Then there’s Mission: Impossible. An old TV show, after being resurrected as the baby of action superstar and producer Tom Cruise, it has seen itself beating expectations repeatedly, not just because of the recent sequels’ continuous ability to retain and even improve their quality, nor just because of its ever daring set pieces, but how it treated its musical identity. After Danny Elfman and Hans Zimmer & Co.’s forgettable attempts at modernising the iconic themes, Michael Giacchino’s two scores successfully pushed the franchise’s musical identity back into friendly zones of traditional orchestral action scoring, despite their workman-like quality. 2015’s Rogue Nation; without a doubt; has received the best musical treatment of the franchise thus far; one that pays faithful homage to the old, under the guidance of composer Joe Kraemer. In addition to a magnificent-sounding acoustics and great live performance ambience with no sense of electronic manipulations, the score is littered with broken quotations of the iconic theme, percussion and brass-led action, in addition to a rightfully menacing villain theme for Solomon Lane, all packaged in a 70 minute experience that begins and ends with a satisfyingly full performance of the snazzy main theme.
What ascended Rogue Nation to its respectable spot on the list, was a balance between its experience on album, and its use in the film: despite the bombastic and fast-phased nature of its action and chase sequences, the music’s loud exterior was allowed to shine in the forefront, not to mention the unfortunately omitted, but fascinating inclusion of the opera ‘Turandot’ as diegetic accompaniment to the Vienna State Opera action set piece. Overall, Rogue Nation is certainly one of the best pure action scores we’ve beared witnessed to in years.
4. Paper Planes | Nigel Westlake
Remember my little spat about how flying always bring out the best of composers? What happens when a composer gets to score an entire movie on childhood passions, inventions and flying?
As a little children’s film production from Australia, the film featured well-trodden stories of a underdog. This time, it’s a boy who wants to win the paper planes competition in Japan. Standing between him and his goal is a bully, a depressed father after the death of his wife, and the current paper plane champion.
No doubt personally affected and inspired by the echoing similarities between the tragedies suffered by both the film’s main family and his own, composer Nigel Westlake sought to write music that harkens back to the optimistic and energetic personality of ambitious children: fluttering woodwinds, a sweeping strings section, punchy brass and an onslaught of percussion; all featured in spades during the entire run time of Paper Planes, accompanied by fitting moments of endearing intimacy, carried sorely by piano, harp and an introverted base of strings. It all accuminates to a climactic mixing of Japanese shakuhachi and taiko drums with the evermore energetic Melbourne Symphony Orchestra, as the final competition takes place.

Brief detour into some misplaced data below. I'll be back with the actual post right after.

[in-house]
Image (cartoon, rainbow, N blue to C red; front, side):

Paper Planes is a film music marvel: its main theme is thrilling and adaptable, perfectly able to fit into moments of triumph when the brass takes centre stage but also fittingly lovely when utilised by strings and woodwinds, it was composed with expert control of the orchestra and a sense of sentimental and vivid emotional attachment to the subject matter: not many scores today can achieve such heights of lyrical and inspirational beauty.
3. Wolf Totem | James Horner
A word of comment as we reach the top 3: I didn’t live long enough to experience James Horner’s definitive triumphs throughout the decades. I wasn’t alive, when The Wrath of Khan hit the hype waves, I was barely out of the womb when Titanic flooded the cinemas, and I wasn’t following film music, when Avatar threw listeners into another world. Wolf Totem was the first, and perhaps the only film, that I will ever experience in the cinemas, sorely intending to pay close attention to Horner’s music. And it was an experience to remember.
I wonder if that’s what fans of Horner have been experiencing all these years before me: to hear unashamed emotional downpouring and…music whose simplicity and transparent density allowed it to aim straight for our collective hearts, barely seconds after it started playing.
With the flaws of the production aside; as they were most definitely contributed to by either political restraints or the lack of cultural awareness by a foreign director; the film was gorgeously shot and cinematically vast, showcasing the endless mountain ranges and grassy plains of the Tibetan landscape. The wolves were also depicted wondrously; their warrior and tribal life styles a fascinating one to observe on screen. Accompanying the poetic eye candy was James Horner’s breathtaking score. With one central theme acting as the backbone of the entire score, Horner weaved a tapestry of intricate musical identities that range from the noble bid for survival, to the bittersweet departure of loved ones, all the while working in regional flavours of Tibet into a otherwise typical Horner soundscape.
Stay for the end credits when it comes to Wolf Totem, as James Horner saved the best for last. Meditate on the significance of that statement, as you bath in the epic beauty of the rest of the album. Also remember, that this is one of the last scores, ever to be penned by the maestro. Cherish what you have to the very last note.
2. Jupiter Ascending | Michael Giacchino